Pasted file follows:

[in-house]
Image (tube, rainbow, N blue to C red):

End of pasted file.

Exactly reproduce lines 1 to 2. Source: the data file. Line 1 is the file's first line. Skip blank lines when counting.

[in-house]
Image (tube, rainbow, N blue to C red):